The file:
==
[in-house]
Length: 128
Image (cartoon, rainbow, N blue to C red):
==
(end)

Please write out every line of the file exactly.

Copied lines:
[in-house]
Length: 128
Image (cartoon, rainbow, N blue to C red):